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# Square Root Decomposition

Authors: Benjamin Qi, Neo Wang

Splitting up data into smaller chunks to speed up processing.

Focus Problem – try your best to solve this problem before continuing!

You should already have done this problem in Point Update Range Sum, but here we'll present two more approaches. Both run in $\mathcal{O}(Q\sqrt N)$ time.

Resources
CPH
CF

Blocking, Mo's Algo

## Blocking

We partition the array into blocks of size $\texttt{block\_size}=\lceil \sqrt{N} \rceil$. Each block stores the sum of elements within it, and allows for the creation of corresponding update and query operations.

Update Queries: $\mathcal{O}(1)$

To update an element at location $x$, first find the corresponding block using the formula $\frac{x}{\texttt{block\_size}}$.

Then, apply the corresponding difference between the element currently stored at $x$ and the element we want to change it to.

Sum Queries: $\mathcal{O}(\sqrt{N})$

To perform a sum query from $[0\ldots r]$, calculate

$\sum_{i = 0}^{R-1} \texttt{blocks}[i] + \sum_{R \cdot \texttt{block\_size}}^r \texttt{nums}[i]$

where $\texttt{blocks}[i]$ represents the total sum of the $i$-th block, the $i$-th block represents the sum of the elements from the range $[i\cdot \texttt{block\_size},(i + 1)\cdot \texttt{block\_size})$, and $R=\left\lceil \frac{r}{\texttt{block\_size}} \right\rceil$.

Finally, $\sum_{i=l}^{r} \texttt{nums}[i]$ is the difference between the two sums $\sum_{i=0}^{r}\texttt{nums}[i]$ and $\sum_{i=0}^{l-1}\texttt{nums}[i]$, which each are calculated in $\mathcal{O}(\sqrt N)$.

C++

#include <bits/stdc++.h>using namespace std;
struct Sqrt {	int block_size;	vector<int> nums;	vector<long long> blocks;	Sqrt(int sqrtn, vector<int> &arr) : block_size(sqrtn), blocks(sqrtn, 0) {		nums = arr;		for (int i = 0; i < nums.size(); i++) {

Java

import java.io.*;import java.util.*;
public class DRSQ {	public static void main(String[] args) throws IOException {		BufferedReader br =		    new BufferedReader(new InputStreamReader(System.in));		PrintWriter pw = new PrintWriter(System.out);		StringTokenizer st = new StringTokenizer(br.readLine());


## Batching

See the CPH section on batch processing.

Maintain a "buffer" of the latest updates (up to $\sqrt N$). The answer for each sum query can be calculated with prefix sums and by examining each update within the buffer. When the buffer gets too large ($\ge \sqrt N$), clear it and recalculate prefix sums.

C++

#include <bits/stdc++.h>using namespace std;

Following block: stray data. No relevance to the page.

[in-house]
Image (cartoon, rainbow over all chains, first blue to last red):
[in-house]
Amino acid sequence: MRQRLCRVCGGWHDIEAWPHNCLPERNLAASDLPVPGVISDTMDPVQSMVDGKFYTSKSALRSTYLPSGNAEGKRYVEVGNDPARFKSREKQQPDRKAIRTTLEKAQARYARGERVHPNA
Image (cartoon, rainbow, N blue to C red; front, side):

int n, q;vector<int> arr;vector<long long> prefix;
/** Build the prefix array for arr */void build() {	prefix = 0;

Java

### Warning: TLE

Due to tight time constraint on CSES, the Java implementation might get TLE.

import java.io.*;import java.util.*;
public class DRSQ {	static int[] arr;	static List<Long> prefix;
public static void main(String[] args) throws IOException {		BufferedReader br =		    new BufferedReader(new InputStreamReader(System.in));

## Mo's Algorithm

Focus Problem – try your best to solve this problem before continuing!

Resources
CF

very brief description

HE

elaborate description with proof

CPH

C++

#include <bits/stdc++.h>using namespace std;
struct Query {	int l, r, idx;};
int main() {	int n;	cin >> n;

• Low constraints (ex. $n=5\cdot 10^4$) and/or high time limits (greater than 2s) can be signs that square root decomposition is intended.

• In practice, it is not necessary to use the exact value of $\sqrt n$ as a parameter, and instead we may use parameters $k$ and $n/k$ where $k$ is different from $\sqrt n$. The optimal parameter depends on the problem and input. For example, if an algorithm often goes through the blocks but rarely inspects single elements inside the blocks, it may be a good idea to divide the array into $k<\sqrt n$ blocks, each of which contains $n/k > \sqrt n$ elements.

• If an update takes time proportional to the size of one block ($\mathcal{O}(n/k)$) while a query takes time proportional to the number of blocks times $\log n$ ($\mathcal{O}(k\log n)$) then we can set $k\approx \sqrt{\frac{n}{\log n}}$ to make both updates and queries take time $\mathcal{O}(\sqrt{n\log n})$.

• Solutions with worse complexities are not necessarily slower (at least for problems with reasonable input sizes, ex. $n\le 5\cdot 10^5$). I recall an instance where a fast $\mathcal{O}(n\sqrt n\log n)$ solution passed (where $\log n$ came from a BIT) while an $\mathcal{O}(n\sqrt n)$ solution did not. Constant factors are important!

## On Trees

The techniques mentioned in the blogs below are extremely rare but worth a mention.

Some more discussion about how square root decomposition can be used:

Resources
CF

format isn't great but tree example is ok

## Problems

### Set A

Problems where the best solution involves square root decomposition.

StatusSourceProblem NameDifficultyTags
CFEasy
Show TagsSqrt
JOIEasy
Show TagsSqrt
POIEasy
Show TagsSqrt
CFEasy
Show TagsSqrt
CFEasy
Show TagsSqrt
YSNormal
Show TagsSqrt
CFNormal
Show TagsMo's Algorithm
APIOHard
Show TagsSqrt
JOIHard
Show TagsSOS DP
PlatVery Hard
Show TagsSqrt
DMOPCVery Hard
Show TagsSqrt
Wesley's Anger ContestVery Hard
Show TagsSqrt

### Set B

Problems that can be solved without it. But you might as well try to use it!

StatusSourceProblem NameDifficultyTags
JOINormal
Show Tags2DRQ, Mo's Algorithm
IOINormal
Show TagsSqrt
PlatNormal
Show TagsSqrt
PlatHard
Show TagsSqrt
CFHard
Show TagsSqrt
CFHard
Show TagsHLD
TLXHard
Show TagsSqrt
CSAHard
Show TagsSqrt
Old GoldHard
Show TagsConvex
CFVery Hard
Show TagsConvex
IOIVery Hard
Show TagsSqrt
PlatVery Hard
Show TagsSqrt
IOIVery Hard
Show Tags2DRQ

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